Taking a call on growth-inflation trade-off is being seen as delicate
Ahead of the annual credit and monetary policy announcement on April 17, Reserve Bank of India Governor D. Subbarao on Saturday met Prime Minister Manmohan Singh and Finance Minister Pranab Mukherjee, as is the standard practice, for discussions on the current macro-economic environment and the steps that need to be taken to spur growth while containing inflation.
For the apex bank, taking a call on the growth-inflation trade-off in the current economic situation is being seen as particularly delicate and difficult. For, industrial recovery is not taking place at the pace that was expected and, at the same time, headline inflation appears to be indifferently poised at the higher level of near 7 per cent. In the event, pitching for one of the two major economic parameters may turn out to be at the expense of the other.
India Inc., represented by its various chambers, has been clamouring for a cut in the RBI's key policy repo (short-term lending) rate as the prevailing high interest rate regime has already impacted factory output significantly. With industrial growth in January, as measured by the IIP (index of industrial production), drastically scaled down to 1.14 per cent from 6.8 per cent wrongly estimated earlier, and growth in February at a tepid 4.1 per cent, it is clear that investments are not taking place at the level desired.
Commenting on the IIP data earlier this week, the Finance Minister had also clearly hinted at more pro-active steps to revive growth. “These [IIP] figures will have bearing on monetary policy announcement scheduled for next week … The government along with the RBI will take [the] required steps to revive activity in the economy,” Mr. Mukherjee had said.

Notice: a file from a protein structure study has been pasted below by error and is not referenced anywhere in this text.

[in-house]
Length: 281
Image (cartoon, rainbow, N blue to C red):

On the flip side, economists have expressed concern over the fact that inflation, though on a declining trend, has not come down to comfortable levels.
Prime Minister's Economic Advisory Council (PMEAC) Chairman C. Rangarajan, while airing his views on the current economic situation recently, had particularly highlighted this aspect of rising prices that need to be tamed. Moreover, there is already an element of suppressed inflation by way of high oil prices on which the government is yet to take a decision on whether and how much should be passed on to the consumer.The RBI, on its part, has been adopting a tight monetary policy since March, 2010, to contain the inflationary spiral.
While it raised the repo rate 13 times since, it has refrained from doing so during the past three policy reviews.
Instead, it eased the cash reserve ratio (CRR) in its bid to ease the liquidity crunch that corporates had been facing in recent times.